On June 2nd, the U.S. House of Representatives’ Homeland Security Appropriation bill was passed by a vote of 231-188. The Fiscal 2012 Homeland Security Spending Bill includes several grants, including the Urban Area Security Initiative (UASI) grant program, which provides funding to address the unique planning, organization, equipment, training, and exercise needs of high-threat, high-density urban areas, and assists them in building an enhanced and sustainable capacity to prevent, protect against, respond to, and recover from acts of terrorism. Per the 9/11 Act, states are required to ensure that at least 25 percent (25%) of UASI appropriated funds are dedicated towards law enforcement terrorism prevention activities.
In 2011 the Detroit area received $9,437,120 to aid security efforts from the UASI program. In the original FY2012 House Homeland Security Appropriations bill (H.R. 2017), the Urban Area Security Initiative (UASI) funds were changed so that they would only to be available to the ten most high risk urban regions of the country, leaving Michigan out of the running to collect federal funds. However, Congressman Hansen Clarke (D-MI) introduced an amendment (H.Amdt. 370) to the House Homeland Security Appropriations bill, eliminating the language that limits these important UASI grants to only the top 10 highest risk urban areas, explaining how this is the funding that urban areas rely on to hire new firefighters, police officers and emergency medical providers, as well as equip them. With support from most of the Michigan delegation including, Congressmen Dan Benishek (R-MI01), Bill Huizenga (R-MI02), Justin Amash (R-MI03), David Camp (R-MI04), Dale Kildee (D-MI05), Fred Upton (D-MI06), Tim Walberg (R-MI07), Gary Peters (D-MI09),), Congressman Thaddeus McCotter (R-MI11), Sander Levin (D-MI12), Hansen Clarke (D-MI13), John Dingell (D-MI15), and Congresswoman Candice Miller (R-MI10) the amendment passed in an impressive bipartisan effort 264-157 insuring that Michigan has continuing access to these essential Homeland Security funds.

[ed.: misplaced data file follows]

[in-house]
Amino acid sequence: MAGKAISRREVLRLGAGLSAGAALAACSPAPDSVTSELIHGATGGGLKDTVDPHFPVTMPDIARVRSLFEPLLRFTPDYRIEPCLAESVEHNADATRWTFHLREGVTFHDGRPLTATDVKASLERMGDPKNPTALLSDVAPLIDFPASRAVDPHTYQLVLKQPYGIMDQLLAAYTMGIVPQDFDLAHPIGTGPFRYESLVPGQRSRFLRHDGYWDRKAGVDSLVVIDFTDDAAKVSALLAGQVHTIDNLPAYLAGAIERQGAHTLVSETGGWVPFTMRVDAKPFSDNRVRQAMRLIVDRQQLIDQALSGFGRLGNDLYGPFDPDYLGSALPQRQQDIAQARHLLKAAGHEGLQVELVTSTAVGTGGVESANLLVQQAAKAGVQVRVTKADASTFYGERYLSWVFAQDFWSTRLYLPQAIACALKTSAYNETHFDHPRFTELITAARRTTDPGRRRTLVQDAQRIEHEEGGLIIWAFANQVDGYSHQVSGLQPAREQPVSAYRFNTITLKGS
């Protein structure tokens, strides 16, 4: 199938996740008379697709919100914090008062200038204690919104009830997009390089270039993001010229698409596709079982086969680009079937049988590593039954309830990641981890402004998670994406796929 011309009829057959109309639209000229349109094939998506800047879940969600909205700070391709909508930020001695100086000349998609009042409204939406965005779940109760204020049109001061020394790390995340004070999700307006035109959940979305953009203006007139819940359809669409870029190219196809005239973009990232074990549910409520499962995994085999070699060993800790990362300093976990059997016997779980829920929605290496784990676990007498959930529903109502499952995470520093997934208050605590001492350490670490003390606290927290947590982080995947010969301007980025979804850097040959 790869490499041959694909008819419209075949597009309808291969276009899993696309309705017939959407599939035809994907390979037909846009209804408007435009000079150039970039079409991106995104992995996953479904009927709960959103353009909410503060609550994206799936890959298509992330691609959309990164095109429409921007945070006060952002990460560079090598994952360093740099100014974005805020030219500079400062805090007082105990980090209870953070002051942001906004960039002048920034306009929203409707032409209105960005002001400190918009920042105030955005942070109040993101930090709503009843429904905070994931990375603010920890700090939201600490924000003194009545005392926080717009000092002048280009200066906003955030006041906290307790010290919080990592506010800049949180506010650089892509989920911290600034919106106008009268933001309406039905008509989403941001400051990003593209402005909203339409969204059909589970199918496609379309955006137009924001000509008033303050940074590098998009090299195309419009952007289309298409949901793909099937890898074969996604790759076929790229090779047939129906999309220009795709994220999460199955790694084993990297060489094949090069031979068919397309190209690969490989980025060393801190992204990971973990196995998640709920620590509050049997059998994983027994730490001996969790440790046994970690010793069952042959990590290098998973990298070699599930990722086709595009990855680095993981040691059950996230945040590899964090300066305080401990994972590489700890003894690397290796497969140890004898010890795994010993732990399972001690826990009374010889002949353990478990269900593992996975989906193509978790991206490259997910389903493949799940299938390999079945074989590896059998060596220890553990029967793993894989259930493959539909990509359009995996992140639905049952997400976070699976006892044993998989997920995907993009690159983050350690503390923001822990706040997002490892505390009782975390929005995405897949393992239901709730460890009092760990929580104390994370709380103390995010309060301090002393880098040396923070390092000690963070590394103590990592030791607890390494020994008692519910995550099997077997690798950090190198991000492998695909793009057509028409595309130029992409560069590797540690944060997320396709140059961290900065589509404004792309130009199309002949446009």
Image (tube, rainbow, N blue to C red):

An additional amendment to the Homeland Security Appropriation bill offered by Congressman David Cicilline (D-RI), which would have increase funds for state and local homeland security grant funding my $337 million, but was defeated by a 154-266 roll call vote. Congressmen Sander Levin (D-MI12), Hanson Clarke (D-MI13), and John Dingell (D-MI15) each voted in favor of the influx of funding.
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